If you ever get goosed by a frog, grab a lingerie bag.
Really. It works.
Recently, there appeared to be a very obvious, half-dollar-sized smudge, spot-lit by sunbeams on our cherry-wood floor. I went over to wipe up the blemish … but it hopped away.
Oh great. Playing “chase the frog” was not on my to-do list.
I hollered for Husband Richard, who checked it out from a distance and said something to the effect of, “Sure enough, it’s a frog.”
Grand. Now that we’ve agreed on the species, honey, what are we going to do about it?
He requested a colander, flashlight and a towel, which I thought was an interesting combo. I sidled up to him and handed over his weapons-of-choice. Then he tried to sidle up to the frog. Note: Men’s size 12½ shoes don’t sidle well.
As he reached down to trap the frog under the strainer, the reptile jumped. Husband Richard sidled some more and the frog scooted under our long, sectional couch.
Flashlight in hand, my 6-foot-tall spouse tried to make like a contortionist leprechaun and look under the low-slung sofas.
Yup. It was pretty funny … until the frog jumped out right at me. I did a pretty good flat-footed, screaming high jump, if I do say so myself.
The equally startled frog dove under the couch again.
OK, it was time for the big gun: The dust mop.
Goodness, we had dust bunnies under there that were bigger than the frog! How embarrassing (not that the frog cared).
I swiped with the mop. The frog hopped out. I took a step toward it, and the frog hopped back. We continued this minuet for quite a while, until Sir Frog decided not to come out, no matter what we did.
As we waited, I perched wearily on the hassock next to the couch. Suddenly, something pushed forcefully against my rather substantial backside. It was the frog, trying to escape through a small gap between the footstool and couch.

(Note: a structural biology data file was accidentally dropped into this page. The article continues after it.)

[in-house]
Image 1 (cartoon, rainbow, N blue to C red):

That was where I was sitting.
This time, I did a flat-sitting, horizontal jump. Richard gave me a “10.”
The astonished frog dove under an easy chair, crawled out and up on some greenery, then slipped under another chair.
We continued our pursuit until the panting, puffing critter wound up clutching the leg of a table in the corner, no doubt wondering how the heck to get out of what he’d gotten himself into. He obviously didn’t understand that was what we wanted, too.
Finally, I snuck away to get my real secret weapon, a net lingerie bag that keeps my socks and undies together in the washer while protecting them from mean old zippers and hooks.
It was stealth time. Husband Richard crept up on the frog from one direction and I, with net bag in hand, came in from the other. Poor frog didn’t know who to watch. And bingo! I got ’im.
I carried bag-and-frog outside and gently put them on the sidewalk. The bag jiggled, and the dazed frog jumped out and away.
Later, Son Brian said, “Mom, I don’t think that’s the way the legend works. You’re supposed to kiss the frog, not the other way around. Does that mean you’re a princess now?” Um, I don’t think that was the smooch location the legend had in mind, son.
How had I known to grab the net bag? We’d used one in rescue mode before, after a hummingbird came inside for a visit, flew into the top corner of the highest skylight in the house and flapped there for dear life.
Long story shortened: Son Brian climbed a ladder, gently coaxed the hummer into the corner with a broom, snagged the bird with the net bag and handed his bundle down to me. I slowly went into the garden and unfolded the bag.
The tiny creature sat on my hand for a few moments, leaving me wondering if it was OK.
The iridescent hummingbird turned, looked at me, touched its beak to my thumb and then zoomed off to the bay tree.
Trust me: That’s a whole lot better than being kissed on the butt by a frog.